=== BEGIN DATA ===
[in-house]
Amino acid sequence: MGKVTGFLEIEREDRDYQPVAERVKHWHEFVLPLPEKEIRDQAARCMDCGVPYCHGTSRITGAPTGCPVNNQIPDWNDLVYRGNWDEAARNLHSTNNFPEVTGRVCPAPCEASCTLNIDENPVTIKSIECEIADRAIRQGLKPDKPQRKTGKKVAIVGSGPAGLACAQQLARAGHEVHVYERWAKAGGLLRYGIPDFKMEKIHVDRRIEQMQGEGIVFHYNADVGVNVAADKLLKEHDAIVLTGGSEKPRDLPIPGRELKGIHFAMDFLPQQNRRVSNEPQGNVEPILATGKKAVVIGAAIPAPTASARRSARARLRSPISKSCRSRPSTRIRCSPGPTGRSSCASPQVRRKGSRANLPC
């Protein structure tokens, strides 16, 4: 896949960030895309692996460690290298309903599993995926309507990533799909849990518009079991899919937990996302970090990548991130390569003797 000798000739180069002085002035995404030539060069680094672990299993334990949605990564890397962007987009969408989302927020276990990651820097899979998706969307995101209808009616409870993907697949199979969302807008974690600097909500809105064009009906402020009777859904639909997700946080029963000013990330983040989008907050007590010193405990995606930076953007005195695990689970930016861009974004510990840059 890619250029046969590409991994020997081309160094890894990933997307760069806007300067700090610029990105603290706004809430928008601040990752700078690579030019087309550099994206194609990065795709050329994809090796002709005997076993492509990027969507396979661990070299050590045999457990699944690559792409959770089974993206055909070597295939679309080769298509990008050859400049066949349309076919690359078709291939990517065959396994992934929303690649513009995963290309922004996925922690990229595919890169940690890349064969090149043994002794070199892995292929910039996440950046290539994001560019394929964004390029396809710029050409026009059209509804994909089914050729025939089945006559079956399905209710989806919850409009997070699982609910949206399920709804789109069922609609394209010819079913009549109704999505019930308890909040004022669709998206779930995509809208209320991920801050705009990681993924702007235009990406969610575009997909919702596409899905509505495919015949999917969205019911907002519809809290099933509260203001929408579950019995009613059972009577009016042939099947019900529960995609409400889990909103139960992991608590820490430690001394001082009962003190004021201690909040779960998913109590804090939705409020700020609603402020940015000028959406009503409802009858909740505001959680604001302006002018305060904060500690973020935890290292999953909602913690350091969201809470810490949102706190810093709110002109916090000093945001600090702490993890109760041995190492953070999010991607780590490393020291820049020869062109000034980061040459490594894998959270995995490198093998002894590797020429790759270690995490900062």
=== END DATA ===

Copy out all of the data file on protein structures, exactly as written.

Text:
[in-house]
Amino acid sequence: MGKVTGFLEIEREDRDYQPVAERVKHWHEFVLPLPEKEIRDQAARCMDCGVPYCHGTSRITGAPTGCPVNNQIPDWNDLVYRGNWDEAARNLHSTNNFPEVTGRVCPAPCEASCTLNIDENPVTIKSIECEIADRAIRQGLKPDKPQRKTGKKVAIVGSGPAGLACAQQLARAGHEVHVYERWAKAGGLLRYGIPDFKMEKIHVDRRIEQMQGEGIVFHYNADVGVNVAADKLLKEHDAIVLTGGSEKPRDLPIPGRELKGIHFAMDFLPQQNRRVSNEPQGNVEPILATGKKAVVIGAAIPAPTASARRSARARLRSPISKSCRSRPSTRIRCSPGPTGRSSCASPQVRRKGSRANLPC
């Protein structure tokens, strides 16, 4: 896949960030895309692996460690290298309903599993995926309507990533799909849990518009079991899919937990996302970090990548991130390569003797 000798000739180069002085002035995404030539060069680094672990299993334990949605990564890397962007987009969408989302927020276990990651820097899979998706969307995101209808009616409870993907697949199979969302807008974690600097909500809105064009009906402020009777859904639909997700946080029963000013990330983040989008907050007590010193405990995606930076953007005195695990689970930016861009974004510990840059 890619250029046969590409991994020997081309160094890894990933997307760069806007300067700090610029990105603290706004809430928008601040990752700078690579030019087309550099994206194609990065795709050329994809090796002709005997076993492509990027969507396979661990070299050590045999457990699944690559792409959770089974993206055909070597295939679309080769298509990008050859400049066949349309076919690359078709291939990517065959396994992934929303690649513009995963290309922004996925922690990229595919890169940690890349064969090149043994002794070199892995292929910039996440950046290539994001560019394929964004390029396809710029050409026009059209509804994909089914050729025939089945006559079956399905209710989806919850409009997070699982609910949206399920709804789109069922609609394209010819079913009549109704999505019930308890909040004022669709998206779930995509809208209320991920801050705009990681993924702007235009990406969610575009997909919702596409899905509505495919015949999917969205019911907002519809809290099933509260203001929408579950019995009613059972009577009016042939099947019900529960995609409400889990909103139960992991608590820490430690001394001082009962003190004021201690909040779960998913109590804090939705409020700020609603402020940015000028959406009503409802009858909740505001959680604001302006002018305060904060500690973020935890290292999953909602913690350091969201809470810490949102706190810093709110002109916090000093945001600090702490993890109760041995190492953070999010991607780590490393020291820049020869062109000034980061040459490594894998959270995995490198093998002894590797020429790759270690995490900062």